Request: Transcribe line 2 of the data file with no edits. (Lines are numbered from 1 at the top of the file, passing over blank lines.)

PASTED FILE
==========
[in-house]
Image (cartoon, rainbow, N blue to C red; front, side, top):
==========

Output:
Image (cartoon, rainbow, N blue to C red; front, side, top):